How to make the most of your time at university as a commuter student

Talya Honebeek
Talya Honebeek
Last Updated: 18 March 2021 • 5 min read

More and more students are choosing to live off campus

From just 8% 30 years ago to around 21% in 2018-19.

But what is a commuter student?

Commuter students are those who choose not to live on or near campus, and instead travel to university.

There are lots of reasons for this increase in commuter students. 

If you live close to a great university, don’t rule it out just because you think you’ll be missing out on the authentic student life if you stay and commute.

Everyone is different, but you can definitely still have just as good an experience whilst living off-campus, with a bit more money too!

Here are 5 tips for commuter students in universities, wanting to make the most of their time.

How to make the most of your time at university as a commuter student

  1. Join societies
  2. Stay on campus outside of classes
  3. Find other commuter students
  4. Use your commute wisely
  5. Make the most of the perks

1. Join societies

The easiest way to meet loads of like-minded people is to join societies

Whether your passion is netball, board games or learning French, there is likely to be a society for you (and if there isn’t, you can make one!)

Societies are great for both making new friends and adding more structure to your week as it means you have something to do at university after your lectures finish. 

If you have time, joining a couple of societies will make you feel like you’re getting the full campus experience. As well as weekly meetings and matches, most societies regularly organise social nights and even trips away that you could get involved in.

2. Stay on campus outside of classes

Depending on your chosen degree subject, you may find that when you receive your timetable, you’re only at university for a couple of hours, or not at all some days. 

If you always go home straight after your lectures then it can be more challenging to meet people. Instead of leaving campus the moment your classes finish, try hanging around a little longer.

There are so many opportunities to meet new people at university, such as:

  • Talking to the people next to you in lecture theatres.
  • Making study groups with people in your seminars.
  • Even the time spent waiting outside a class is time you could be chatting to someone new.

 

Suggest going for a coffee after class, or if a few people are going to the library to study, then ask if you can go with them and stay for a few extra hours.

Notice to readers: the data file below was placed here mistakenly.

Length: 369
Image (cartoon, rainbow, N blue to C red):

It sounds obvious, but spending more time at university is the key to making the most of your time there. The more on-campus activities you can get involved with the better!

3. Find other commuter students

It shouldn’t take too much digging to find a network of other commuter students at your university. 

Many universities have events and societies specifically for local and commuting students, especially during freshers’ week. 

It is also worth looking on your university’s website or on Facebook freshers groups to see if any commuting students group chats have been set up. If you can’t find any, post on the page to see if anyone wants to start one with you. It’s highly likely that there will be others waiting for someone else to suggest it!

These pages and chats can be a great resource for meeting people in the same boat as you. Arrange to meet up with some of them, share your experiences or even arrange to car share with them or travel together if you have similar timetables.

These groups also great spaces to find previous graduates or students who have been through a similar experience and can offer you some advice.

4. Use your commute wisely

One of the hardest things about commuting to university is having to motivate yourself to set off for uni sometimes hours before your classmates will even wake up.

Whether you drive or use public transport, your daily commute is a set block of time that you just can’t avoid. It doesn’t have to be dead time though. Make the most of your commuting time by setting little tasks for yourself during this time. 

For example:

  • If you drive in, listen to that podcast you’ve been meaning to catch up on. 
  • If you use the train, take a book to read.
  • Finish off a bit of work before getting to uni (just don’t let that become a habit!)


5. Make the most of the perks

Everyone has their own personal reasons for choosing to stay at home whilst studying. 

Whether you live with family, a partner or by yourself, try to see the positive side of being a commuter student. 

For some it represents a great opportunity to save money, whilst for others it allows them to keep a healthier balance between studying and socialising. 

Though it can sometimes be hard to feel motivated and connected as a commuter student, remember you have the best of both worlds. You can still see all of your ‘home friends’ whilst also impressing your university friends with your knowledge of all the best spots your city has to offer. 

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Talya Honebeek
Written By
Talya Honebeek

Talya is a part-time journalism master's student living in North Yorkshire.


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